September 2016: Journal of Breast Cancer
Shefali Krishna, Wilhelm Palm, Yongchan Lee, Wendy Yang, Urmi Bandyopadhyay, Haoxing Xu, Oliver Florey, Craig B Thompson, Michael Overholtzer
The scavenging of extracellular macromolecules by engulfment can sustain cell growth in a nutrient-depleted environment. Engulfed macromolecules are contained within vacuoles that are targeted for lysosome fusion to initiate degradation and nutrient export. We have shown that vacuoles containing engulfed material undergo mTORC1-dependent fission that redistributes degraded cargo back into the endosomal network. Here we identify the lipid kinase PIKfyve as a regulator of an alternative pathway that distributes engulfed contents in support of intracellular macromolecular synthesis during macropinocytosis, entosis, and phagocytosis...
September 12, 2016: Developmental Cell
Gregory Adams, Jiajia Zhou, Wenwen Wang, Huihui Wu, Jie Quan, Yingying Liu, Peng Xia, Zhikai Wang, Shu Zhou, Jiying Jiang, Fei Mo, Xiaoxuan Zhuang, Kelwyn Thomas, Donald L Hill, Felix O Aikhionbare, Ping He, Xing Liu, Xia Ding, Xuebiao Yao
Cell migration is orchestrated by dynamic interactions of microtubules with the plasma membrane cortex. How these interactions facilitate these dynamic processes is still being actively investigated. TIP150 is a newly characterized microtubule plus end tracking protein essential for mitosis and entosis (Ward, T., Wang, M., Liu, X., Wang, Z., Xia, P., Chu, Y., Wang, X., Liu, L., Jiang, K., Yu, H., Yan, M., Wang, J., Hill, D. L., Huang, Y., Zhu, T., and Yao, X. (2013) Regulation of a dynamic interaction between two microtubule-binding proteins, EB1 and TIP150, by the mitotic p300/CBP-associated factor (PCAF) orchestrates kinetochore microtubule plasticity and chromosome stability during mitosis...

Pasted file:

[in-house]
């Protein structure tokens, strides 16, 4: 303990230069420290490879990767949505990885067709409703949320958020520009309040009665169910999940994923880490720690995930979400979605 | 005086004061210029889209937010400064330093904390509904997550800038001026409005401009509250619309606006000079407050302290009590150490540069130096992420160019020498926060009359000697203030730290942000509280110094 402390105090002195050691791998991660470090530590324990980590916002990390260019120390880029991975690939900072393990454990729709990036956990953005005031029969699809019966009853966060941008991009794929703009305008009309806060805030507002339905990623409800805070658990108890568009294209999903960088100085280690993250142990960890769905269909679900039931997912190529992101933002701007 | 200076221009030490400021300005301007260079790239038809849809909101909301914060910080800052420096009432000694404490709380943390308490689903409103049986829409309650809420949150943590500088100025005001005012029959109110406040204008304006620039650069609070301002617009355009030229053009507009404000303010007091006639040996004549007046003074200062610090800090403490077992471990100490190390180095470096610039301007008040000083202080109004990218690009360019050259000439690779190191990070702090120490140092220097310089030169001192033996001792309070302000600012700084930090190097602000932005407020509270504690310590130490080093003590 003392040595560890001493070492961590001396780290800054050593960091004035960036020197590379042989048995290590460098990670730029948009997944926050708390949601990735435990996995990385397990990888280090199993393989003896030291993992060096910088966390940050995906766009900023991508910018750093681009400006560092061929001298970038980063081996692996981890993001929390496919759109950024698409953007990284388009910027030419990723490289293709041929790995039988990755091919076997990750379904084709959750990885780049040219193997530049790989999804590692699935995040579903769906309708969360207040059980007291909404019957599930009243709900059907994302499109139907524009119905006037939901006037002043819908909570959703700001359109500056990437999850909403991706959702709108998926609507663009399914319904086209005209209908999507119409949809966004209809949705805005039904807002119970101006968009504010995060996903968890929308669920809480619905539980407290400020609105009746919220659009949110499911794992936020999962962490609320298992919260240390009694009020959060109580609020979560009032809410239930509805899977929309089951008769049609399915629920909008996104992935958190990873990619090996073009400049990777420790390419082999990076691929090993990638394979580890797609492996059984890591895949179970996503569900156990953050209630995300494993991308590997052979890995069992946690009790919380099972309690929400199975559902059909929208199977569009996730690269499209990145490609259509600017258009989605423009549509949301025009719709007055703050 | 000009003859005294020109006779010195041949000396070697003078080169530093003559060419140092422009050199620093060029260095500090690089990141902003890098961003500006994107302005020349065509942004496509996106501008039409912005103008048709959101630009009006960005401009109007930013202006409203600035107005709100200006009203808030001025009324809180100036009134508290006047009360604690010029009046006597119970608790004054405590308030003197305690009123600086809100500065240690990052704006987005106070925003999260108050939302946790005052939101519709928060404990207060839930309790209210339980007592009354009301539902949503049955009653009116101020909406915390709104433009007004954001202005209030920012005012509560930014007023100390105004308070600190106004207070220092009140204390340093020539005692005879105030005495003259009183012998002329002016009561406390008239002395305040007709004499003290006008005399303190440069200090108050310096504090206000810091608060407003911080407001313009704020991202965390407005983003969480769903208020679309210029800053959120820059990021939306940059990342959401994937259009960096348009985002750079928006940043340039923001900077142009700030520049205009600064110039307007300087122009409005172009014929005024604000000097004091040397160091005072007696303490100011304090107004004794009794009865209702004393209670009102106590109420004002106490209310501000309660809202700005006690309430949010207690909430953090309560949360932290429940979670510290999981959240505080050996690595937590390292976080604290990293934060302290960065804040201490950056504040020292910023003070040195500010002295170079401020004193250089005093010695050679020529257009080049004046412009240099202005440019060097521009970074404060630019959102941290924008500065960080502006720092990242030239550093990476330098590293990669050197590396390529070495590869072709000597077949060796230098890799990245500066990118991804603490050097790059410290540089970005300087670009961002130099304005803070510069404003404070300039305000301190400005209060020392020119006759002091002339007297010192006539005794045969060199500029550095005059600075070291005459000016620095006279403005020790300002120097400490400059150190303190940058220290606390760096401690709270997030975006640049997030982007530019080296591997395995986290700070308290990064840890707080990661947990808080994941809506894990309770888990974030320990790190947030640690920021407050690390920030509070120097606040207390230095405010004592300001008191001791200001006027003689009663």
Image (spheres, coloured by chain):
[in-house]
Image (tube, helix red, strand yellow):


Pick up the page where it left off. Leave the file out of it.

September 23, 2016: Journal of Biological Chemistry
Bowen Ke, Mao Tian, Jingjing Li, Bo Liu, Gu He
Evasion of cell death is one of the hallmarks of cancer cells, beginning with long-established apoptosis and extending to other new forms of cell death. An elaboration of cell death pathways thus will contribute to a better understanding of cancer pathogenesis and therapeutics. With the recent substantial biochemical and genetic explorations of cell death subroutines, their classification has switched from primarily morphological to more molecular definitions. According to their measurable biochemical features and intricate mechanisms, cell death subroutines can be divided into apoptosis, autophagic cell death, mitotic catastrophe, necroptosis, parthanatos, ferroptosis, pyroptosis, pyronecrosis, anoikis, cornification, entosis, and NETosis...
June 30, 2016: Medicinal Research Reviews
Qiang Sun, Hongyan Huang, Michael Overholtzer
The engulfment of live cells may represent a mechanism of cell death. We reported that E-cadherin (epithelial cadherin) expression in human cancer cells favors the formation of cell-in-cell structures through the mechanism known as entosis, and that entosis contributes to a form of cellular competition in heterogeneous cancer cell populations.